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This link recently saved by armchair_anarchist on December 16, 2009
"... we have become symbionts, says Katherine Hayles [...] Just as a lichen is the marriage of a fungus and an algae, we now live in full partnership with digital technology, which we rely on for the infrastructure of our lives. "If every computer were to crash tomorrow, it would be catastrophic," she says. "Millions or billions of people would die. That's the condition of being a symbiont."
Hayles is among a number of intellectuals who see this dependence as not necessarily bad, but as advancing civilization and, above all, just inevitable. "From Thoreau on, we have had this dream we can withdraw from our technologies and live closer to the natural world, and yet that's not the cultural trajectory that we have followed," says Hayles, a professor of literature at Duke University. "You could say when humans started to walk upright, we lost touch with the natural world. We lost an olfactory sense of the world, but obviously bipedalism paid big dividends.""
This link recently saved by armchair_anarchist on August 06, 2009
"Your Lizard Brain is absolutely right when it tells you that most people won’t notice if you don’t make something, and that a lot of people won’t particularly care if you do. But, how you choose to respond to that existential kōan will say a lot about your potential as both an artist and as an engaged human.
Because, if you’re relieved that universal apathy provides legitimate cover for eight blissful hours of “managing email,” then you’re in luck. Every day for the rest of your life. Punch out.
But, if you’re like me, you may find you’re invigorated—even challenged—by all that bigger ambiguity. By knowing that, at any time, you might be seconds away from starting something amazing that seemed impossible a minute ago. Even oddly prepared to drop the lizard crap whenever the need arises."
This link recently saved by armchair_anarchist on May 31, 2009
"Michael Ross creates his own electricity, with a gas generator perched outside his yellow-and-blue tent. For a year, Mr. Ross has stood guard at a parking lot for construction equipment, under a deal with the owner. Mr. Ross figures he has been homeless for about 15 years, surviving on his Army pension.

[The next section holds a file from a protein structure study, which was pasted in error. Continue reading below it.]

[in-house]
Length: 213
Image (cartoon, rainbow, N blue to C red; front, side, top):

Inside the tent, the taciturn 50-year-old has an HP laptop with a 17-inch screen and 320 gigabytes of data storage, as well as four extra hard drives that can hold another 1,000 gigabytes, the equivalent of 200 DVDs. Mr. Ross loves movies. He rents some from Netflix and Blockbuster online and downloads others over an Ethernet connection at the San Francisco public library." The human is a tenacious thing in this post-geography world.
This link recently saved by armchair_anarchist on March 21, 2009
"In the end, it all boils down to you and what you’re willing to do. The finish line may seem an impossible distance from the starting gate, but with each step it gets a little closer. Everyone from professional comic book artists to Olympic-level athletes has days when they don’t feel like putting in the work they need to do. It’s the people who do put in the work–especially when they don’t want to–who are most likely to succeed." Wise words here.
This link recently saved by armchair_anarchist on December 31, 2008
"Do your best work at night? Take solace as new research suggests that night owls are more likely to be creative thinkers. Scientists can't yet fully explain why evening types appear to be more creative, but they suggest it could be an adaptation to living outside the norm." Dubious?
This link recently saved by armchair_anarchist on November 23, 2008
"The items that you use incessantly, the items you employ every day, the normal, boring goods that don't seem luxurious or romantic: these are the critical ones. They are truly central. The everyday object is the monarch of all objects. It's in your time most, it's in your space most. It is "where it is at," and it is "what is going on."" Much brainfood. Go read, if you haven't already.
This link recently saved by armchair_anarchist on June 12, 2008
This link recently saved by armchair_anarchist on February 12, 2008
This link recently saved by armchair_anarchist on February 03, 2008
This link recently saved by armchair_anarchist on October 23, 2007